Looking, Looking. Reading the Model

Art Studio Reflections
by Susan G Holland

The artist’s model for today’s session:

She seemed down on her luck and it was winter.

No artist could see what this woman stood for, her skin white as a fish’s belly and lank dyed hair, perhaps not altogether clean.

She is not a happy looking person.

But she has lines and forms and that is all we need in the studio. Planes and contours. Lights and darks. Color notes.

The skylights are bringing in good diffused January light and the slight brush noises in the silence might as well be bare branches against a window.

How to paint a woman like this in her own presence?

Bend to the task. Look and look again. Paint it in your head. Look again and then put your mark on the canvas. Tell the truth.

How does she keep her mouth open like that without wetting her lips? Do her teeth stick to the inside of her lips? Maybe she uses lip balm. And what is she thinking and hearing and feeling? Cold, at least. Small heaters don’t fill large rooms.

Where is she numb? Surely numb because all models get numb sitting in one position that long.

She looks unwell. And unhappy. Yes, blue.

What is her real life story? What narratives float in her mind as she stares at nothing in particular..just that place on the floor. What memories flit through her mind and are they only sad memories? Does she have a home?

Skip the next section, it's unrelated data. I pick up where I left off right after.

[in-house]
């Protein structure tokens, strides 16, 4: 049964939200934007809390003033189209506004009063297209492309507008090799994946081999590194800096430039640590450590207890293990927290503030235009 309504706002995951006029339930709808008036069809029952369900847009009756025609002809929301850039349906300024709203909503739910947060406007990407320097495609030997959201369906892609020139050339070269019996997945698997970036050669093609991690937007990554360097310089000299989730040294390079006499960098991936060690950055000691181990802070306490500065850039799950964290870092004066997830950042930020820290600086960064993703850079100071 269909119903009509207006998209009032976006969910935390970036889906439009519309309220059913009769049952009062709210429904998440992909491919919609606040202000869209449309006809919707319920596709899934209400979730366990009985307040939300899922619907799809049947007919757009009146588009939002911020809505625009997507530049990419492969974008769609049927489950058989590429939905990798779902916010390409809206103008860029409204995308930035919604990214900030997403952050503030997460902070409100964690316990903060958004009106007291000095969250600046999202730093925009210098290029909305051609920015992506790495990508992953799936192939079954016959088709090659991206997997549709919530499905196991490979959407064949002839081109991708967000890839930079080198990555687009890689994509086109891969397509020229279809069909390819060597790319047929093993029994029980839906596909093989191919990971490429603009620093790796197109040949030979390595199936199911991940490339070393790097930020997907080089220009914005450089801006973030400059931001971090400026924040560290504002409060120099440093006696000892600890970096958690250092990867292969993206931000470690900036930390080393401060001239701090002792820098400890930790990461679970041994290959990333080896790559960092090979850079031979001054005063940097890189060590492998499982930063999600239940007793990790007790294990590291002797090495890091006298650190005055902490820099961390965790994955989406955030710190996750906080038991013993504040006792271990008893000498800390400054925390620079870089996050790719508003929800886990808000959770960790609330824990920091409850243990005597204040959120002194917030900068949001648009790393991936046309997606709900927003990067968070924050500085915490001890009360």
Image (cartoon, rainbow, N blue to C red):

The clock is silent to the artists but it moves importantly for the model and there is that robe on the hanger. That warm robe that hugs her between timed sittings.

What story can an artist build while painting this woman? She has children perhaps. She is not young now — maybe 35 or so — but surely she was young once.

Her body might be the body of a childless person. Her face is not the face of a carefree woman. There is a weighty tiredness about this thin woman.

Why does she model? Not for the fun of it! Sixty dollars for a four-hour session. Does she do this often enough to pay expenses?

When she drives her car home what will she be thinking of. A side trip to buy groceries? To buy what?

Bills? An empty house? A shelter?

Does she ever wonder about the artists who look and look and look at her for four hours? Who can pay into a pool to hire a model? Is that a frivolous way to spend money — to hire her to sit nude for four hours?

Does she care what our paintings say?

Does she wish she were pretty?

Do we artists make her feel like an object? Does she hate it?

Art and rumination by Susan G Holland ©2017